Send to

Choose Destination
Biochemistry. 1988 Nov 1;27(22):8458-65.

Cobalamin-dependent methionine synthase from Escherichia coli B: electron paramagnetic resonance spectra of the inactive form and the active methylated form of the enzyme.

Author information

Biophysics Research Division, University of Michigan, Ann Arbor 48109.


Cobalamin-dependent methionine synthase (5-methyltetrahydrofolate-homocysteine methyltransferase, EC has been isolated from Escherichia coli B in homogeneous form. The enzyme is isolated in an inactive form with the visible absorbance properties of cob(II)alamin. The inactive enzyme exhibits an electron paramagnetic resonance (EPR) spectrum at 38 K that is characteristic of cob(II)alamin at acid pH, where the protonated dimethylbenzimidazole substituent is not coordinated with the cobalt nucleus (base-off cobalamin). An additional, variable component of the EPR spectrum of the inactive enzyme has the characteristics of a cob(III)alamin-superoxide complex. Previous work by others [Taylor, R.T., & Weissbach, H. (1969) Arch. Biochem. Biophys. 129, 745-766. Fujii, K., & Huennekens, F.M. (1979) in Biochemical Aspects of Nutrition (Yagi, K., Ed.) pp 173-183, Japan Scientific Societies, Tokyo] has demonstrated that the enzyme can be activated by reductive methylation using adenosylmethionine as the methyl donor. We present data indicating that the conversion of inactive to methylated enzyme is correlated with the disappearance of the EPR spectrum as expected for the conversion of paramagnetic cob(II)alamin to diamagnetic methylcobalamin. When the methyl group is transferred from the methylated enzyme to homocysteine under aerobic conditions, cob(II)alamin/cob(III)alamin-superoxide enzyme is regenerated as indicated by the return of the visible absorbance properties of the initially isolated enzyme and partial return of the EPR spectrum. Our enzyme preparations contain copper in approximately 1:1 stoichiometry with cobalt as determined by atomic absorption spectroscopy.(ABSTRACT TRUNCATED AT 250 WORDS).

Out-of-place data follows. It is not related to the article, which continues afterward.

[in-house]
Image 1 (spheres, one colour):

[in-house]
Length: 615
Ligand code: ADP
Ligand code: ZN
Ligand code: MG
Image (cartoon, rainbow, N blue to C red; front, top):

[Indexed for MEDLINE]

Supplemental Content

Loading ...
Support Center